Amazing Kids at Work


Sumer Strawbree inspires in return to 2nd annual Kid$ Bi$ Children’s Business Fair

Two kids at a business fair.
Sumer Strawbree shares the spotlight with 4-year-old author Sameer Jani at his booth showcasing his “Chocovela” books at the Kid$ Bi$ Children’s Business Fair in Orlando, Florida. Photo: Cristóbal Reyes/MCT 

By Tribune Content Agency, adapted by Newsela staff


Word Count:721

The past year has been life-changing for Sumer Strawbree. She released her first coloring book filled with encouraging words for girls of color. In July, she returned to the children’s business fair where she first showcased it.

The 13-year-old’s real name is Lauryn Jones. She stood proudly at her booth at the Kid$ Bi$ Fair. She wore a pink blazer and strawberry earrings. She gave out signed copies of her first book, along with her two most recent books. Her first book, “Black, Brown and Beautiful,” sold more than 5,000 copies last year.

“It’s life-changing for me,” Sumer said. “I think it’s great to help change girls’ self-esteem and I’ve reached a big audience so far. It’s been a very exciting year.”

Sumer’s book was the success story of last year’s Kid$ Bi$ Fair. This year, the fair was even bigger. There were 80 booths packed inside the gym at a Florida school. Kids showcased their products from Boba tea and books to custom woodwork.

The fair is organized by Orlando Bal Vihar. The group provides a platform for young entrepreneurs. They are able to show off their brands and learn what it takes to operate a business. Sumer’s father has seen his daughter grow from a child bullied at school to a confident young businesswoman.

A boy standing in front of wooden signs.
Image 1. Jonathan Ponce, 11, showcases his woodworking business, JP Designs, at the Kid$ Bi$ Children’s Business Fair in July 2022 in Orlando, Florida. Photo: Cristóbal Reyes/Orlando Sentinel

Sumer’s Work Resonates With Others

“She’s taking that energy and running with it,” said Everett Jones. “Seeing her walking in her purpose at 13 is amazing.”

As her books grow more popular, Sumer said she’s heard stories from other kids who have been bullied. They feel understood by her work.

“It’s pretty surprising,” she said. “I didn’t ever think I’d be sharing my story with other people, and it was great to learn that I wasn’t alone.”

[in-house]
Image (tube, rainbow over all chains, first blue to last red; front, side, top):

Organizers of the fair hope Sumer’s success story is the first of many.

Four-Year-Old Has Published Three Books

Adity Gandhi is president of Orlando Bal Vihar. Sumer has been an inspiration for other kids, she said. She has created a brand for herself through socializing in person and on social media.

One of the kids Sumer has inspired is 4-year-old Sameer Jani. With his mother, he has self-published three books. They are about an alligator named Chocovela who overcomes fear as he learns how to surf and play soccer and tennis.

Chocovela comes from Sameer’s imagination. His mother, Zalina Jani, brings it to life on the page. The books also come with a vocabulary list for kids learning how to read and increase their vocabulary.

The message of the books is every child can succeed in whatever they dream, said Jani. Sameer also had a chance to meet Sumer, who partly inspired the books.

A girls serving customers boba tea.
Image 2. Isabella Contreras, 10, (right) prepares an order of Boba tea for a customer for her business, The Boba Team, at the Kid$ Bi$ Children’s Business Fair in Florida. Photo: Cristóbal Reyes/Orlando Sentinel

Kids Interact With Eager Customers

Jonathan Ponce is an 11-year-old woodworker who learned the craft from his father. He first learned how to use tools at 8. His first order was received last year for his company, JP Designs. He makes custom signs, dog bowls and key chains.

As his father watched from a distance, Jonathan charmed customers. He told them about his process and taking orders. He says the designs take about three to seven days to make. By the end of the day, he made hundreds of dollars.

Meanwhile, on the other side of the gym was a group of friends led by 10-year-old Isabella Contreras. Her company, The Boba Team, prepared drinks for lines of eager customers. The children, dressed in colorful hats and aprons, got to work.

The group had been making Boba for several months. It’s a chance, Isabella said, to put smiles on people’s faces.

Kids also learn how to expand their ideas once the event ends. Many of them will return next year. Sumer hopes to start working on animation and music as her books are becoming more popular.

“I’ve already sold books in 39 states, Germany, Sweden and Canada,” Sumer said. “I want to reach girls from all over the world.”

About eslkevin

I am a peace educator who has taken time to teach and work in countries such as the USA, Germany, Japan, Nicaragua, Mexico, the UAE, Kuwait, Oman over the past 4 decades.
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